Accountants can help out at various stages during the growth of your business. They can handle much more than just your payroll and tax returns. So when should you consider hiring an accountant for your small business?
What to look for?
There are good reasons for hiring an accountant at different stages of your company’s growth. From a business plan to company formation, loan application to a tax investigation, an accountant can make life easier for you at each step. When meeting with a potential candidate, it boils down to asking them the right questions, otherwise, you may end up with just another PR pitch.
Could my money work harder?
Many believe an accountant will just be looking after annual accounts and tax compliance. However, this is only small portion of what a good accountant can do for you.
A good accountant will help you to create a business plan, raise capital by finding grants, government funding pots, tax relief schemes and advise every step of the way. Many people only ask their accountants to balance the books when they should really be asking questions like “what I am entitled to that I don’t know about?
The money an accountant can save your business must naturally be weighed against the costs of employing them. Another question you should consider is “why should I pay you to do this?”
When it comes to asking about an accountant’s fees you must ask “how much will this cost?” Another important question to ask is when you will be billed “when will you bill me? Some charge annually, monthly or hourly. Talk money up front before you commit to anything officially.
Finding the right match?
As well as having prestige, it’s important they understand small business needs and are able to offer relevant insight. That’s why it’s so important to ask an accountant if they work with small businesses, or have expertise in your sector. It might be worth finding a firm a similar size to yours.
Accountants offer differing levels of engagement, so make sure to establish how often you’ll be in contact, and whether you’ll correspond by email or telephone, advises Lewis. Less contact often means fewer costs, but can make it difficult to ask questions or spot issues.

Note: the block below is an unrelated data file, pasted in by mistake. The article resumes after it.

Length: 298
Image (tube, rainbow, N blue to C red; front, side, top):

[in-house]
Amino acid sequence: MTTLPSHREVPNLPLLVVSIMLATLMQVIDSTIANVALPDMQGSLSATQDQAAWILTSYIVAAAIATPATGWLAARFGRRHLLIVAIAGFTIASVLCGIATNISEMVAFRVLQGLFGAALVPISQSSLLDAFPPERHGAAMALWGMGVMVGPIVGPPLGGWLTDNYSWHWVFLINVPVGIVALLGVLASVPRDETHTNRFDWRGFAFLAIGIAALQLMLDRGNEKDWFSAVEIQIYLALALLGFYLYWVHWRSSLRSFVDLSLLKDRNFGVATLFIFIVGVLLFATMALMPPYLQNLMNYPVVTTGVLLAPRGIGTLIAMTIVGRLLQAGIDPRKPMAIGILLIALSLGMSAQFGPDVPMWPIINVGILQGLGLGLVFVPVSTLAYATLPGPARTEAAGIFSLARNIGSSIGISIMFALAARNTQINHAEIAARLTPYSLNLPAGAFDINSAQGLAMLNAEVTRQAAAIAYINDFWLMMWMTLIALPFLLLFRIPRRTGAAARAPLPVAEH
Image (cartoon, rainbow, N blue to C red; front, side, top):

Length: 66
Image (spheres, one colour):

Ask who will be dealing with your account on a day-to-day basis. You’ve got to be satisfied that you’re not being palmed off to the office junior; that the person in charge of your case understands your business.
Are things working out?
Once you’ve chosen an accountant, a great way to measure their performance is to hold monthly meetings where you can ask for their view on the business and its finances. If their view is close to yours, that’s a good sign, but ideally, you would like to see some initiative as well.
A good accountant is one that is proactive and asks you the right questions as well. They should be asking if you have any issues, questions or concerns to discuss. If they’re not doing that then they’re not doing the job properly.
The best relationship with an accountant is one that is defined by ongoing conversation and information sharing which leads to trust. The more you share about your business, the more you will get out of the relationship.
For businesses in sectors with specific tax rules, it’s crucial. Rules for most other business are largely the same, so you’ll just need to find an accountant with a good track record of working for small or new businesses.